Every bad result in golf can be traced back to a root cause. If you're struggling to hit accurate drives, the issue is a lack of clubface control.
Many amateurs start their backswings by whipping the driver way inside the target line and opening the face. From there, they re-route the club on a looping path that comes into the ball from outside the target line—the classic over-the-top move—with an open face in relation to the path. You can guess what happens next.
The ball slices right of the target. If by some luck or last-second adjustment they can close the face, the ball flies on a straight line but left of the target. How many times have you heard another golfer get frustrated after setting up to hit a drive that flies left to right—and presumably in the fairway—only to see the ball go dead left and into the trees?
If a round of golf for you is constant guesswork of where the ball might end up, you can improve your accuracy if you fix the cause and control the clubface better through impact. It starts by making a better takeaway. No more whipping the club inside. Instead, pretend the clubface has vision, and its job is to swing back while keeping its eyes on the ball. In the photos above, my club starts squarely behind the ball and does not rotate open in the takeaway. Copy this move. I want you to keep it staring at the ball as long as you can when you take it back.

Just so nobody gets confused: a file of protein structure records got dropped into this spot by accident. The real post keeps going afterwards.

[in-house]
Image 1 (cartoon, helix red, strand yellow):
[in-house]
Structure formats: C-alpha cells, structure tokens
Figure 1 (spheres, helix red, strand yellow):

What you'll find is that this gets you to make a backswing where your club, hands, arms and body all turn together. This is the type of synchronized movement that allows you to control the clubface.
Ideally, it should return to the ball facing your target, and your shot will fly straight. Even marginal improvements in clubface control will reduce the dispersion of your off-line hits. You'll be in play a lot more often. — With Ron Kaspriske